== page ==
Accordingly, practitioners can rely on two rules of thumb: (1) Table claims resolve more quickly, reliably, and simply than off-Table claims because the Table acts as causation per se evidence, and causation is difficult to prove; and (2) the more clearly the medical records prove every aspect of entitlement (whether causation is assumed or must be proven), the more likely HHS will concede the entitlement issue.
What are the Damages?
After proving entitlement to compensation, the petitioner must prove damages. The VICP permits four categories of damages: past medical expenses, anticipated future medical expenses, lost earnings, and pain and suffering (the last of which is capped at $250,000). The VICP covers only out-of-pocket medical expenses, which means that hospitals and health insurance providers are not entitled to any portion of recovery.
Past medical expenses and lost earnings are generally quantifiable, as they are based on out-of-pocket medical bills, paystubs, or W9s for petitioners who are self-employed or lack traditional paystubs. Future life care planners can offer opinions on anticipated future medical expenses, with the petitioner’s planner offering one estimate and HHS, if it chooses to contest the estimate, offering an alternative (lower) estimate. There is no cap on anticipated future medical expenses, and depending on the injury, this may comprise the lion’s share of a large award.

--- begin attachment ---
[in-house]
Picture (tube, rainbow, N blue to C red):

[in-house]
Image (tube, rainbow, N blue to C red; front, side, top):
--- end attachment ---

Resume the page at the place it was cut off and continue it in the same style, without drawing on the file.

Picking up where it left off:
Pain and suffering is an ephemeral concept, but the CFC’s online database of past damages awards in vaccine injury cases helps the parties (or, failing that, the special master) reach an amount consistent with comparable cases. When evaluating pain and suffering, two rules of thumb are (1) shoulder injuries normally involve less pain and suffering than autoimmune disorders, and (2) higher amounts of medical expenses and lost wages generally justify a higher pain and suffering calculation.
Petitioners pay no attorney fees. Instead, the VICP reimburses all attorney fees and expenses in a payment separate from the petitioner’s compensation. This usually occurs after the case concludes, but interim payments are possible for cases that involve a substantial amount of time and work. Even if a case is dismissed, attorneys are entitled to recover fees so long as they had a reasonable basis to bring a good faith claim. The special master determines the amount of the hourly fee, based on the fee schedule that the Office of the Special Masters updates annually.